Refugee contractors brought refugee lobbyists to Washington (again) last week, by Ann Corcoran, 6/26/17
They do this every year. It is the sort of thing those of you concerned about an overload of refugees in your communities can’t really do, first and foremost because it is expensive to travel to Washington. And, our pro-reform side has no money!!!
I suspect your tax dollars helped pay for the lobbying organized each year through one of the nine major federal resettlement contractors—Lutheran Immigration and Refugee Service (headquartered in a posh section of Baltimore).
However, this story from the Huffington Post that focuses on visits to Texas’s two US Senators confirms what we have said and what you should do—keep up the political pressure on your Washington reps from back home! And, I mean, keep it up!
Huffington Post: WASHINGTON ― On a hot D.C. summer day on Tuesday, seven refugees from Texas made their way to the office of their home state senator, Ted Cruz, to do what one does in the nation’s capital: lobby.
The former refugees had come to Washington for the Lutheran Immigration and Refugee Service Leadership Academy, where they had spent the last few days training and strategizing on how to help new arrivals and convince politicians that it was right and humane to do the same. It was the fifth year of the program, with 48 former refugees from 17 states participating.
This year is different from the last four. Now they are operating in the age of Donald Trump, who wants to cut the number of refugees to be resettled in the U.S. and bar them from entry for at least four months.
The Texas advocates are facing an anti-refugee wave at the state level that Trump tapped into nationally. Texas took in the second-highest number of refugees of any state in fiscal year 2016, but its Republican leadership has echoed the president’s approach, last year taking the extreme move of dropping out of the resettlement program, making it the largest state to do so. Gov. Greg Abbott has also tried to bar Syrian refugees from the state entirely. And while Republican officials in Texas can’t legally keep refugees out, they’ve done their best to say they are unwelcome.
Despite the open hostility that is exhibited by their state ― or perhaps because of it ― refugee advocates feel an intense urgency to change minds. That includes Cruz, who supported measures to bar certain groups of refugees and backed Trump’s travel ban, which is now blocked in the courts.
The former refugees knew that having a positive reception from congressional staffers wouldn’t change much, if anything. But they felt that if they met the staff in person, they could work to maintain and grow relationships within the state. After visiting Cruz’s Washington office, Nsenga suggested that they reach out to Cruz’s offices in Texas as soon as possible to request meetings, since they take some time to schedule.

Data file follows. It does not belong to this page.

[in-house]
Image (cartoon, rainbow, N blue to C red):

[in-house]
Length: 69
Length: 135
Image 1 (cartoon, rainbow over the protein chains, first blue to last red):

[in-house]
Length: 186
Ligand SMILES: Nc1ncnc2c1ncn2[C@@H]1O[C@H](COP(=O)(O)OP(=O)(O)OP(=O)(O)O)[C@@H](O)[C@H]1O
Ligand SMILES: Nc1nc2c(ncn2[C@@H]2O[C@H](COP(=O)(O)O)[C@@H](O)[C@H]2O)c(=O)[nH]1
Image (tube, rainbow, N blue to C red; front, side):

After visiting Cruz’s office they went on to meet Senator Cornyn’s staff and we learned a very important bit of information for Texas taxpayers concerned about the impact of refugee resettlement on the state:
This time they decided to also ask what they could do to win the senator over. They said the Cornyn staffer told them that his office gets a lot of calls expressing concerns about refugee resettlement and hardly any from people who support refugees. [Hint!—ed]
“She said, ‘You can help by educating fellow Texans about refugees,’” Emmanuel Sebagabo, a former refugee from the Democratic Republic of the Congo, said afterward.
It was a tangible bit of information that the former refugees felt could serve them well.
…. They [politicians] don’t base their policy positions on whether constituents set up apartments for people resettling in their states, and they haven’t been universally moved by protests against Trump’s executive orders. Politicians care about getting elected and reelected; they care about doing what their constituents call on them (literally and figuratively) to do.
It’s a basic principle of advocacy, but it can get lost when activists are focused on more immediate matters, like getting people resettled in a new country. Now up against Trump, Abbott, Cruz, Cornyn and other Republicans, the refugee advocates got a reminder that they can’t forget about the politics. They need to convince more fellow Texans that refugee resettlement is a good thing, but that requires combating messages from politicians who spread fear that refugees can be dangerous. They need to convince those who support refugees to not just offer places to stay, warm meals and social services. They need them to call politicians’ offices and show up at town halls. Yup! Continue reading here.
Thanks to HuffPo reporter Elise Foley for giving us those important reminders! By the way, this article focused on Texas, but you can be sure they were visiting YOUR Senators and members of Congress too! This article is posted in my relatively new category ‘What you can do’ here.